Try to visit in summer, when the weather holds up. This is the best time of the year and you’ll be there for the fruit harvest and by that I mean a real treat!
Eating is obviously the most enjoyable experience down there as it is so special. Any Gasthaus or food establishment you enter will deliver top-notch food. I guarantee you that. Try to eat seasonal and local food, this way your culinary endeavors will be a complete success.

Seasonal, temporary restaurants, the so-called ‘Straussi’.
This intriguing gastronomical concept can only be found along the German-French-Swiss border or in other wine growing regions in the South. A Straussi or Straussenwirtschaft is a type of wine tavern that is only open during certain times of the year – they can only get a licence for operation in summer and autumn. Typically it is small, rustic and run by the winegrowers and winemakers themselves. Here, they sell their own wine directly to the public as well as some of the most local and authentic food. The dishes are simple, regional and often cold, going hand in hand with the typical German ‘Brotzeit’.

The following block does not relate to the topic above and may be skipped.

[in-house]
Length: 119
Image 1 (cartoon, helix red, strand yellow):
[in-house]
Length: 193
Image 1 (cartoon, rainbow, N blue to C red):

Here’s a (German) guide to Straussis in the region:

Visit an old Gasthaus in the Black Forest
Buried deep inside the blackness of the forest, you will find restaurants that have been open for hundreds of years. Have a meat dish, made from local game and a glass of locally brewed beer, such as Rothaus Tannenzaepfle. An outstanding, delicious Black Forest beer from the traditional Rothaus Brewery.

Travelers, give Southwest Germany a shot, you won’t be disappointed. Foodies and culinary experts, quick, book a flight and see and taste what this region has to offer, you’re in for a revelation. Get in touch for travel tips and more information on accommodation etc.

Auf Wiedersehen!